The COVID-19 pandemic has compounded mental health needs, putting even more burden on already overstretched healthcare systems and exposing their systematic flaws. Anxiety and depression rates are still more than triple what they were before the pandemic, and studies indicate that these issues will only intensify as more people feel the consequences of prolonged isolation and the breakdown of social support.

Texas is suffering from a major mental health workforce shortage. In fact, last year’s Access to Care Data report from Mental Health America listed Texas as the worst-ranked state for mental health. According to the report, The Lone Star State has only one mental health practitioner for nearly 1,000 Texans. There aren’t nearly enough professionals to help Texans with their mental health problems. Unfortunately, it isn’t new. 

Even before the pandemic hit, it was estimated that almost seven million residents in Texas struggled with at least one mental health-related issue. More than half living with a mental illness received no care or treatment at all. Even worse, 2/3’s of counties in Texas have zero psychiatrists, according to the executive director of the National Alliance on Mental Illness (NAMI), Greg Hansch. Texas has been negligent, according to Hansch, in its funding of mental health services. The lack of well-trained, certified, and fully licensed mental health personnel drastically affects patients’ access to treatment and care.

Children and Young Adults Worst Affected

Mental health is not only an issue in Texas. The latest nationwide mental health crisis has hit school-age children and young adults particularly hard. As covered by NBC News, ER mental health-related visits went up by around 150% for children during the pandemic. Meanwhile, ED visits among young adults and teenagers due to mental illness-related suicide has more than doubled, with teens in mental distress flocking to pediatricians, according to the New York Times.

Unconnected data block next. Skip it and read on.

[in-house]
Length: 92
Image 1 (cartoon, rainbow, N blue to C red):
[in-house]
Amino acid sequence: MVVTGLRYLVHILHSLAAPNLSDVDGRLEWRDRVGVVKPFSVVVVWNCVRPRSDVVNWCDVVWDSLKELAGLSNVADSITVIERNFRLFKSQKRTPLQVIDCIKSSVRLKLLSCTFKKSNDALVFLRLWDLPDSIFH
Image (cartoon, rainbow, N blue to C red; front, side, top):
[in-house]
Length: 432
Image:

Consequences of Mental Health Issues are Dire

If not detected and treated early, mental health issues can have far more adverse effects on both the patient and society at large. In Texas, where police respond to mental distress cases rather than trained healthcare providers or social workers, the consequences, especially among youth and young adults, are even more disparaging. These incidents can result in altercations that lead to unnecessary criminalization, drug addiction, and tragedies like suicide or homicide.

A person with an untreated mental health-related issue is 16 times more likely to get killed in an encounter with the police, as reported by USA TODAY. In Texas, law enforcement offices joke that Harris County Jail is basically “the biggest mental health center” in the Lone Star State, with more than three-quarters of the inmates struggling with a form of mental illness.

… But Help Is On the Way for Texans Battling Mental Health Issues

Despite the bleak reality, there seems to be light at the end of the tunnel. Sen. John Cornyn (R-Texas) has recently tabled a bipartisan bill with Sen. Catherine Cortez Masto (D-Nevada). The bill, coded SB 1902, would be a game-changer in terms of how mental health is viewed, addressed, and funded in the US.

In particular, Cornyn’s bill would establish well-defined federal guidelines and standards for mental health crisis responses, including universal 24/7 access to walk-in patient urgent care, observation and stabilization beds, urgent care facilities, and dedicated crisis hotlines. If passed, the legislation would also establish grants to train mental health professionals, provide technical assistance, and reinforce mental health crisis service capacity.

Cornyn’s bill proposes reforms that have already proven successful in some parts of Texas. The Rapid Integrated Group Healthcare Team (RIGHT Care) program, which began in 2018, provides complete emergency response to calls stemming from mental health emergencies. Abilene and Dallas are among America’s first cities to implement this type of system.

New private practices are making it easier for people to seek health as well, such as Geode Health’s upcoming Southlake location in Texas, which will be opening this year.

Conclusion

As advocates for the betterment of mental health treatment and care delivery in Texas as well as nationwide, we highly support the passing of this bill. Seeking professional help is one of the best ways to improve your mental health. The legislation’s crisis reforms and funding will serve as a solid foundation for Texans and many other Americans needing personalized and well-designed mental health care treatments.